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  5. "Cosa bevono gli uomini?"

"Cosa bevono gli uomini?"

Translation:What do the men drink?

February 23, 2013



Wow, confusing word order coming into Questions cold.


I was going too fast through the questions and quicky answered single malt... Almost pressed entre


The blood of their enemies


They drink Red bull


Yeah, we do! And one upvote for you.


can it also be "cosa gli uomini bevono?"


When you make a question in italian you reverse the word order.

In the normal word order (ie for a statement) the verb follows the subject, but in questions this is swapped around so instead you have the order:

(question word) (verb) (subject)

ie. Cosa bevono gli uomini?

Cosa mangi tu?

If the subject is a pronoun (io, tu, lui/lei, etc) it can be omitted like usual. ie. "Cosa mangi?"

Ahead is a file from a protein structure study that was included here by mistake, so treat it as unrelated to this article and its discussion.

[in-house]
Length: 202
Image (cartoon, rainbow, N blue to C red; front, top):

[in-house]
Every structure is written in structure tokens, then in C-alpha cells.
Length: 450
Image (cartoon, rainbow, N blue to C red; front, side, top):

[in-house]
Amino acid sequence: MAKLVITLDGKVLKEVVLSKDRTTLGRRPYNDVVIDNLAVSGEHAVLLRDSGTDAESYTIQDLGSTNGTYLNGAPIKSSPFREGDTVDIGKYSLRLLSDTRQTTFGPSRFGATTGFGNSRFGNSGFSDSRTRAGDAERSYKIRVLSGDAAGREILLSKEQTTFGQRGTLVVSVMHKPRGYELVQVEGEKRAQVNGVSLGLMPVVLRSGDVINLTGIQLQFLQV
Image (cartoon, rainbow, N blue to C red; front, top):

I wish there was a way to save comments so i can remember this. Thank you for your help!

  • 2481

You can always just copy it into your notes. Or at least take a screen shot.


Maybe it's just because it's what i'm used to but English just seems to make way more practical sense than Italian. We read left to right...why the hell would it make sense to jumble the order in this way?


English makes more sense because you're used to it. We always have a bias for our native language. But English jumbles the word order too at times - you just don't notice because you learnt English implicitly (as a child) rather than trying to learn it as a second language as an adult.

For example take a look at these English sentences:

  1. "The men are drinking." becomes "What are the men drinking?" when made into a question. Here the word "are" has switched positions with "the men".

  2. On the other hand, the sentence "The men drink" becomes "What do the men drink?" as a question - in this one we haven't changed the word order but we have added the word "do".